Change of leadership
Time has come for a change of leadership at Dhammapala Monastery. After this year’s Kathina ceremony on the 28th of October I will pass on the abbot’s sceptre to my successor. All in all I’ve spent 22 years in different roles in the monastery at the edge of the forest and the foot of the mountain. Arriving from England in 1993 as a seven year old monk (seven Vassa that is:-) I had initially assisted the previous abbot Ajahn Thiradhammo in the role of the traditional second monk. This was followed by a period of four years in Asia, before I rejoined the Sangha over here at the end of 1999. During the first five years of the new millennium a threesome leadership team emerged, consisting of Ajahn Thiradhammo, Ex-Ajahn Akincano and myself, with Ajahn Thiradhammo being the formally appointed abbot. With the disrobal of Akincano and Ajahn Thiradhammo’s move to New Zealand in early 2005 I found myself in the role of the single leader of a small Dhammapala Sangha. As the taking on of the leadership role was a conscious move – well negotiated and supported by the wider European Sangha – it gradually developed from an initially challenging into a very enriching and rewarding experience. Because Dhammapala is not a hermitage, but a well frequented place, where many people meet and practice together, a secluded lifestyle was only possible during certain times of retreat – about four months per year – and the main focus during the remaining time was always on serving and supporting fellow monastics and the connected lay community plus looking after the monastery itself (admin, building and maintenance). Admittedly this lifestyle was not in complete accordance with the recommendations of the early Buddhist texts, where looking after institutions was certainly not mentioned as one of the primary duties of a monk. But the times they are changing… and seem to ask for an appropriate response to new circumstances within new cultural environments.
When I first came across the teachings of Ajahn Chah, I was impressed by the way he responded to new environments and mentalities during his journeys to the Western world. There was always an openness towards the people he met, an interest in the unfamiliar social circumstances and a wise recognition of the cultural conditioning we are all living under, be it in the East or the West. Rather than reacting with bewilderment or even resistance to what he found in the West, he responded from wisdom and compassion to the sometimes strange situations he encountered. A living and breathing proof, that the application of Buddhist virtues is not limited to a particular cultural environment, but can be applied anywhere at anytime, provided the individual is prepared to reflect wisely. This discriminating wisdom can then see clearly the difference between conventional reality, which changes and differs all the time according to time and place, and the underlying unborn and undying reality, which does not change and to which the Buddha was continuously pointing to.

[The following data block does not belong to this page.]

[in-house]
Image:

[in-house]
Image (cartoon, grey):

Before coming to Dhammapala, the new abbot Ajahn Abhinando had been living at Aruna Ratanagiri Monastery in Northern England for 15 years, serving as the vice-abbot of the monastery (a more complete bio here) . To take on the leadership of a small monastic community in the Swiss Alps is a challenge, which he now feels ready and happy to take on. He has already been living at Dhammapala since July 2017 and had ample opportunities to familiarize himself with the new social and physical environment. It was of major importance for both of us, that the transition would happen in a gradual rather than in a sudden and abrupt way. And so far things have been developing really well …
As for myself and the future: My intention is to spend at least one year away from Dhammapala, with the option to return in 2020, if the karmic winds are blowing me back into this corner of the world. I will certainly not return to the same role within the community as before, but would prefer to take a more background seat.
In 2019 I intend to spend extended periods of time in different monasteries of our tradition in Europe, initially until the middle of May of 2019 in the Italian monastery Santacittarama, approximately 50km northeast of Rome. I am looking forward to this new chapter in my life as a Buddhist monk and I am curious how I will respond to the uncertainty of life without a home base, which Dhammapala has been for me during the past 22 years.